On this second anniversary of Taylor’s home going I am reflecting on the beauty of grief and all the good it brings. May brought a very busy schedule with the ending of school and I realized I wasn’t going to the feet of Jesus intentionally like I did when Taylor’s death was fresh and raw. I told the Lord I wanted to desire that depth again but was afraid of asking for it and suffering another tragedy. I felt peace in asking him and being honest with him, trusting he wouldn’t give me more than I could take.
I returned last month from a trip to Seattle to see my family. I had some wonderful reunions with family but also had to see the stress my immediate family is under in caring for my ailing mom. I began to grieve for her, for them, and all the answers we need for helping her. It was a new kind of grief that exhausted me. Being there for three weeks, an intense ache grew in my heart for Gary and home. I was weak and needed God and my husband like I had never needed before.
With not much strength, I then returned to Boise and began to mourn for Taylor deeper than I had in a long time as we passed what should have been his second wedding anniversary. My prayers had been answered for God to give his wife, Michelle, a wonderful fiancé that would love her and the Lord. In my mind, my immense joy over this should over shadow Taylor’s death as it had been doing since their engagement in January.
I couldn’t understand why I was almost feeling the raw bitter pain of his death again. Then I realized the beauty of grief in that moment was that God had answered my prayer and I was drawn to be with him intimately at his feet, on his lap, in his Word, just worshiping him for who he is and receiving that love that can only come from him.
Up until this time, Gary and I had been grieving on different time lines and not together. When I got home we began to grieve together, he was now the strong one holding me up and encouraging me. Grief not only drew me again to God but to my husband. I allowed myself to be broken and not insist on being the strong one. The brokenness I felt was a freeing relief to admit that I didn’t always have to have it all together. It was the release of a burden and a blessing to our marriage to allow Gary to share in my pain.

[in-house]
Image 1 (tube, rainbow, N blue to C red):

After crying for a week around the wedding anniversary, I started my two summer jobs and got distracted a bit from my sorrow. It’s not a bad thing, but it did make me think I would get through this weekend without crying. Thursday, I realized it was two years since the last time I had seen Taylor. Yesterday, Saturday the 18th, was the anniversary of the last time I spoke to him on the phone arranging a time for him and Michelle to give us their gifts from Maui and I began to get the ache in my heart again and knew I’d need to go to the cemetery after church on Sunday. Today, planning to make it to church, I began to cry realizing I needed to go to the cemetery this morning or I’d just cry all morning in church. Deciding to go to the grave site, a fleeting thought came to me that I would like to see a young couple, Thom and Jessica, I’d met at the cemetery who had lost a baby a month after Taylor died and was buried near him. They had a new baby and I wanted to see her.